U.S. Postal Services Looks to Close 3,700 Post Offices

On Tuesday, July 26th, the U.S. Postal Service announced its plains to consider closing more than 3,700 post offices. The list included local post offices Grimes. Although this list is not an official closure list, it is part of the Postal Regulatory Commissions plan to begin reviewing the proposed closure sites in addition to soliciting public comment.

“The Commission supports the Postal Service’s efforts to become more efficient, but with regard to post offices, significant changes must be done within the framework of the legal requirement to provide universal service.” regulatory chair Ruth Goldway said in a statement Thursday. “The Advisory Opinion process is the opportunity for the public’s concerns…to be heard.”

This is the largest downsizing effort the finically troubled USPS has launched in its history. 3,700 post offices being considered for closing have been viewed as unprofitable, said USPS, which plans to replace about 2,500 of those sites with a “Village Post Office.” The new business model would mean service delivered via a clerk in a local store, gas station, library or town hall. Customers would be able to buy stamps and ship flat-rate packages at the sites, but little else.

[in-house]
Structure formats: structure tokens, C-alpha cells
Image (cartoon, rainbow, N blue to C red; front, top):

USPS hopes to start closing sites beginning in January. The effort will affect the jobs of 4,500 postmasters, station managers, supervisors and clerks. Though some would be able to apply for USPS positions, others would lose their jobs outright.The regulatory commission will begin scrutinizing the USPS plans immediately, it said, as well as during its hearings, though the schedule has yet to be issued. As the commission noted, USPS is required by law to seek an advisory opinion on proposed changes to nationwide service. Changes can’t be enacted until 90 days after filing its request for that advisory opinion.The regulatory commission is taking public comment on its web site at www.prc.gov. and plans to announce its hearing schedule soon. ■

SHARE
avatar
Lloyd Green Jr. is the Owner and Publisher of the Williams Pioneer Review. He is dedicated in publishing the news and informing the community of Colusa County. Lloyd has been with the publication since 2008, and purchased the business in 2010. Under his ownership the newspaper has grown significantly in subscriptions, publishes weekly, and obtained the title of Newspaper of General Circulation by the Superior Court of Colusa County in Sept. 2007. Lloyd is also the director of advertising, classified manager, legal notice clerk, and circulation manager. To contact Lloyd, email him at lloyd@colusacountynews.net or call (530) 458-4141 ext. 100.